122 – Counselling Session Role Play versus ‘Real-Life’ Counselling

122 – Counselling Session Role Play versus ‘Real-Life’ Counselling

How Counselling Differs from Other Helping Professions – Why We Check In

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In episode 122 of the Counselling Tutor Podcast, Ken Kelly and Rory Lees-Oakes discuss the differences between counselling and other forms of helping. Our new regular segment, ‘Check-In with CPCAB’, then looks at why we check in. Finally, the presenters explore the experience of counselling in ‘real life’ as opposed to college-based counselling session role play or practice sessions.

How Counselling Differs from Other Helping Professions (starts at 1.20 mins)

People from many different helping professions are attracted to counselling training. For example, you may come across police officers, teachers, and healthcare staff as peers on your training course.

Although these people may be highly competent in their existing profession, the form of helping that they are used to practising may be very different from counselling – and so require them to adjust their skill set quite markedly.

For example, the role of some other helping professions is to rescue or advise, but these are two things that counsellors (particularly in the person-centred tradition) specifically do not do.

There is a huge difference between listening to respond and listening to understand.

In our society, the latter is rare and thus a special skill to be able to offer those with whom we share a therapeutic relationship as counsellors.

This involves listening to ‘the music behind the words’ as Carl Rogers put it, which involves attending to far more than just the words used by the client. It can involve a big shift for many other helping professions.

For more information on this, you might like to read the piece on the Counselling Tutor website about the definition of counselling.

Check-In with CPCAB: Check-ins (starts at 9.00 mins)

Rory speaks to Ray van der Poel (Head of Business and Development) at CPCAB (Counselling & Psychotherapy Central Awarding Body) about check-ins.

Ray explains that the concept of checking in derives from Buddhist meditation, where it refers to bringing something into our awareness or to our attention.

Ray and Rory discuss a number of reasons why checking in has become an important part of counselling training:

  • For counselling to be effective, the counsellor must be congruent. This authenticity depends on the counsellor having a good level of self-awareness – and the check-in process supports this by encouraging participants to reflect on and articulate how they are feeling.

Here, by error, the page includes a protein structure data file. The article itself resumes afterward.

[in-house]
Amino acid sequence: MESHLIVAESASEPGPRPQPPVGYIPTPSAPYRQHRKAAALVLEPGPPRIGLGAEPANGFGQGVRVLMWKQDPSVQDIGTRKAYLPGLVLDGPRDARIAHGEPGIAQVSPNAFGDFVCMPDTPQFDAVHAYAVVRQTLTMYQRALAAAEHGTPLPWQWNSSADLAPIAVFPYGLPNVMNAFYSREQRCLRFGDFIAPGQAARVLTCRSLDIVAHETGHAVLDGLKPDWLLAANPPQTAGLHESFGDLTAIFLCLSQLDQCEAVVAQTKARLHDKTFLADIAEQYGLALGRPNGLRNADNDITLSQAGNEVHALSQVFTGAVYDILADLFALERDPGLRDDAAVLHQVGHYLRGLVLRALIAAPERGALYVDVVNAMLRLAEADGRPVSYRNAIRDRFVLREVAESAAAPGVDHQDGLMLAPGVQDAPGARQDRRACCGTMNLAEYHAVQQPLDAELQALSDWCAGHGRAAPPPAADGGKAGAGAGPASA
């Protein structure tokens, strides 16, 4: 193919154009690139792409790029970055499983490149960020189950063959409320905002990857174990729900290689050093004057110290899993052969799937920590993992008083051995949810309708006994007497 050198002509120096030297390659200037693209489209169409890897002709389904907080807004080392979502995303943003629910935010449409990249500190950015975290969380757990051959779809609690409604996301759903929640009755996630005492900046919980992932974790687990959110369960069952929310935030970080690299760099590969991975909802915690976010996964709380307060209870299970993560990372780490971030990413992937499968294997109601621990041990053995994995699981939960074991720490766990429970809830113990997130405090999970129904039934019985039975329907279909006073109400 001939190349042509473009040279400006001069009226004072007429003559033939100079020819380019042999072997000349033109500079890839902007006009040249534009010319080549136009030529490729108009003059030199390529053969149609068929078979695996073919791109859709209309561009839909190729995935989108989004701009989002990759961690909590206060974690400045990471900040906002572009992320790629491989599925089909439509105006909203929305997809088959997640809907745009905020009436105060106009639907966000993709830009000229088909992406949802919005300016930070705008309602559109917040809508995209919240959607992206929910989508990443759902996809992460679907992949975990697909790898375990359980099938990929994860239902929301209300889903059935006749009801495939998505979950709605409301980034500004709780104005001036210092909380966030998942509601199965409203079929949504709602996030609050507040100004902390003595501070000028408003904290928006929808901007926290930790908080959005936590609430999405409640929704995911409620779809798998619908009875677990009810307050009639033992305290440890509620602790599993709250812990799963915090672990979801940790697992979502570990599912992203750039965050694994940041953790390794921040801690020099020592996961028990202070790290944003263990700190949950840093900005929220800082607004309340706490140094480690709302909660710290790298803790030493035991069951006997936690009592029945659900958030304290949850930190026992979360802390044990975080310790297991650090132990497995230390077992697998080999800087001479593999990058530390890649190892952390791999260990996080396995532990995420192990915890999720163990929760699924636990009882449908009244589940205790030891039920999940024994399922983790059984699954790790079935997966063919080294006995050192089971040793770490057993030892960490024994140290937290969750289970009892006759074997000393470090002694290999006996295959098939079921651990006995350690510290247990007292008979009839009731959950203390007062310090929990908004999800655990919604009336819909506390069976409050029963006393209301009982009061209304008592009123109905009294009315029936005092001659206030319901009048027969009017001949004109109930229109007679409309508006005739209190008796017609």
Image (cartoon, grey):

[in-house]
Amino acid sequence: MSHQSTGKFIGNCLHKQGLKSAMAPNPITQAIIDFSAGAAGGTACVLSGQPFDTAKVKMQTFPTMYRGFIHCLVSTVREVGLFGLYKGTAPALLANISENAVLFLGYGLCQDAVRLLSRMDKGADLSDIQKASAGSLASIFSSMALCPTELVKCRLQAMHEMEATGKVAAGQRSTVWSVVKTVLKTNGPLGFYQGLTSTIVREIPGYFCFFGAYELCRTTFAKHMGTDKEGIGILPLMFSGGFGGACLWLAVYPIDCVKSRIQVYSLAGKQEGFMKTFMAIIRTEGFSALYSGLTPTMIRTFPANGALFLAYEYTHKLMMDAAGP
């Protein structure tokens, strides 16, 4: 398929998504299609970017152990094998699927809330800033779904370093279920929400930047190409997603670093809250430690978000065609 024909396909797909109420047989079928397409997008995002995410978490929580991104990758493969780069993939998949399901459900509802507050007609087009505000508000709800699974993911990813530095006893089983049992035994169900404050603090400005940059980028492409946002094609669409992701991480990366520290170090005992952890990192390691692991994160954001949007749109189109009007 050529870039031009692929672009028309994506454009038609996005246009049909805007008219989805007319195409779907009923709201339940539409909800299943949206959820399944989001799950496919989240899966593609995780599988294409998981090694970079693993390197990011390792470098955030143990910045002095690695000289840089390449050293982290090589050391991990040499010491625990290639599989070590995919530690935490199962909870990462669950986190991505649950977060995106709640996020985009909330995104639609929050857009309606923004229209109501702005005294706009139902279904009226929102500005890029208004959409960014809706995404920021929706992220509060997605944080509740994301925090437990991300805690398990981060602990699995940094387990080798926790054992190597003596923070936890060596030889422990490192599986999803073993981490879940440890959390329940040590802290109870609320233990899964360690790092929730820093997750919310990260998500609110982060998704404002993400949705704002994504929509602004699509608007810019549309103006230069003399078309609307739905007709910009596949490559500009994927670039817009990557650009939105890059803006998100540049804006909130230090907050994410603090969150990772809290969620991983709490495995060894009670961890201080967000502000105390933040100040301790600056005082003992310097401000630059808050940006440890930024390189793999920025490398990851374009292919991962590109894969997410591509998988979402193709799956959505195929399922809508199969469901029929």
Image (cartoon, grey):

• Becoming accustomed to checking in on our own feelings helps to ensure that we are fit for practice, becoming aware of any issues we are struggling with that might otherwise take us out of the client’s frame of reference or put us at risk of problems arising from parallel process. Thus, it encourages ethical practice.
  • Checking in also helps foster our awareness of the fact that a group of people in apparently the same situation can all feel differently. This is useful in supporting our recognition of diversity and in fostering unconditional positive regard and empathy.
  • The tutor is also able to know from the check-in whether any student is feeling ‘wobbly’, and so offer them appropriate and timely support.

There are various different types of check-in. For example, participants might be asked to sum up their feelings in just one word, or within a set amount of time.

When the well-known existential psychotherapist Irvin Yalom runs groups, he does a double check-in: in the first round, participants are invited to say how they feel, and in the second what they need/want to get from the session.

The exact nature of checking in is likely to vary between levels, as more advanced students will probably have greater self-awareness. Many groups also use checking out: a similar process of reflection at the end of the session.

For more information, please see CPCAB’s website. CPCAB is the UK’s only awarding body run by counsellors for counsellors.

Counselling Session Role Play versus ‘Real-Life’ Counselling (starts at 20.55 mins)

When you practise your counselling skills in class, particularly when you have counselling session role play, you do so with likeminded people who understand ‘the rules of the game’ (e.g. the importance of time boundaries).

This is not so in ‘real-life’ counselling (e.g. when you start your placement).

In particular, don’t expect to use all your skills in every session on placement. For example, it’s common for clients to talk a lot in the first session, as they ‘open the floodgates’ on their experiences.

Silence may be the most valuable and most prevalent skill at this stage.

You’ll find lots of free resources on skills on the Counselling Tutor website (click on ‘Skills’ in the top menu) which can help you prepare for counselling session role play.

You can also view/review all the Skills Lectures in the Lecture Library.